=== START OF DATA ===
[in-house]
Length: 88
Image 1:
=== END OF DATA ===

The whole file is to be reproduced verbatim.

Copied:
[in-house]
Length: 88
Image 1: